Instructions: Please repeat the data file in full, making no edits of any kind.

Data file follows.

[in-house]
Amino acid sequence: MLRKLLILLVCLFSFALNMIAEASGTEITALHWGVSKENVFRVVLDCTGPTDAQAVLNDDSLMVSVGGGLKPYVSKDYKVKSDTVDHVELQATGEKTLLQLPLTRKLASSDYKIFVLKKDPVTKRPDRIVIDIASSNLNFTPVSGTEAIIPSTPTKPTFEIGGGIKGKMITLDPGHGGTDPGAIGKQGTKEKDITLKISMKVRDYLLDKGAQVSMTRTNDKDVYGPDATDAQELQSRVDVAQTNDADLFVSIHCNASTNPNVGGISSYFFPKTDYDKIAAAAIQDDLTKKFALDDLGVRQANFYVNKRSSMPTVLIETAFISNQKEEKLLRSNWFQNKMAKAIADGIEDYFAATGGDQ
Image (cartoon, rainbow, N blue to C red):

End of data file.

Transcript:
[in-house]
Amino acid sequence: MLRKLLILLVCLFSFALNMIAEASGTEITALHWGVSKENVFRVVLDCTGPTDAQAVLNDDSLMVSVGGGLKPYVSKDYKVKSDTVDHVELQATGEKTLLQLPLTRKLASSDYKIFVLKKDPVTKRPDRIVIDIASSNLNFTPVSGTEAIIPSTPTKPTFEIGGGIKGKMITLDPGHGGTDPGAIGKQGTKEKDITLKISMKVRDYLLDKGAQVSMTRTNDKDVYGPDATDAQELQSRVDVAQTNDADLFVSIHCNASTNPNVGGISSYFFPKTDYDKIAAAAIQDDLTKKFALDDLGVRQANFYVNKRSSMPTVLIETAFISNQKEEKLLRSNWFQNKMAKAIADGIEDYFAATGGDQ
Image (cartoon, rainbow, N blue to C red):